Thanks to the material proposed on your website as well as to a lot of practice sessions with my friends (I don’t have a business background), I managed to successfully pass my first round interview with BCG.

One of the feedback elements concerned the lack of creativity in my approach. Could you please comment on how to be creative in a process that I understand as highly structured and formatted?

My Reply:

My post on Intuition and Structured Problem Solving covers many of these points, but I will elaborate a little further.  Creativity in a case interview comes from one of three places:

1) Creativity in intuitively figuring out a hypothesis early in a case

I have covered this elsewhere, so I won’t cover it here.

2) Creativity in how to analyze a case

For example: You have a case where you have two options to solve the case, and both options seem like they could work. You can often use a creative analysis to figure out which one is better.

So let’s say you have a situation to increase sales and you know you can do it by raising prices or by increasing sales volume or market share.  Mathematically, both could work.  And in your business analysis, there is room to raise prices or room in the market to grow market share.

So which one should the client do?

Well, one way is to creatively use an estimation question to size how much of a price increase would be needed to achieve the goal or how much of volume increase would be needed, and figure out which number seems more achievable in the context of the case.

Creatively use estimating and “sizing” to figure out how much impact a particular option may have, and then incorporate the answer into the case.

3) The final way that comes to mind in being creative is in how to get data.

For example, I had a case from Bain where the year was supposed to be 1980, the client was Motorola, and they want to know if there is going to be a market for the cell phone. So you can’t use any personal experience, you have to use the data available in 1980 to figure out and prove whether a market could exist for cell phones over the next 50 years.

So at one point in the case, the interviewer said, “Let’s fast forward three years. The company decides to proceed with this mobile phone technology, and they have sales data now for three years. The results are not very impressive. They are thinking of killing the project due to slow sales. How would you prove that this was a bad idea?”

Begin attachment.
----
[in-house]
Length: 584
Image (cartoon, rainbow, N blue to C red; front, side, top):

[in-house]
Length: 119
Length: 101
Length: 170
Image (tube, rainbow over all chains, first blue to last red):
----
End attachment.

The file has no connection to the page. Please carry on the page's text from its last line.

So fundamentally this is a “how do you get data/when data is hard to get” type question. By the way, after you get a job offer, it is this aspect of consulting where you spend an awful lot of your time — how to get data when the most obvious data does not exist.

So in my head, I was thinking, “So we have three years of sales data. The client thinks sales are lousy because it is lower than what they were hoping for… but how do we objectively know if sales were good or bad?  I mean, I don’t have anything to compare against.

“I can compare it against the last three years, so % growth seems reasonable. But the sales are nowhere near the volume needed to make the massive investment needed worthwhile. So geez, is this just a perception that sales are poor or are sales genuinely poor? How do I tell?

“I need something to compare it against to objectively determine this. Well, what data do I have access to that can tell me whether the third year of sales for a new technology called a cell phone is objectively good or bad?”

The “creative” solution I considered was looking at unit sales for cell phones in the first three years vs. the unit sales of other new technologies in their first three years — radio, television sets, fax machine, microwave, etc.

I could compare unit sales in the first few years of these new technologies, or I could compare % of total U.S. population adopting the new technology in the first three years.

So it turns out this was exactly right, and based on the data the interviewer provided, cell phone sales were actually quite good. Out of ten technologies, cell phone sales in the first three years (expressed as a % of the U.S. population) exceeded seven out of ten other technologies that ended up being very successful over time.

This adoption curve data then allowed me to figure out in which year cell phone sales would reach sufficient volume to repay the massive investment required to bring it to market.

From that, I was able to figure out likely manufacturing costs relative to unit shipments (using the similar unit cost vs. unit volume ratios for other technologies), and forecast likely consumer price points, given those unit costs.

Actually, the person who gave me that case in my final round at Bain (which I did pass, incidentally) was Theresia GouwRanzetta, who is today one of the 50 most powerful women in Silicon Valley.

So that’s probably the most creative example I can think of. Analytically, I knew I needed something to compare the data against. (See my case interview frameworks handout and see the tips on the last page where I emphasize taking apiece of data and comparing it to somethingalways.) But nothing directly related was available to compare against… so I went with something that was indirectly related, which was a point of creativity on my part… and as I was scrambling for something that was close to or approximated the real data I wanted, I came up with the adoption curves of other consumer technologies as a proxy.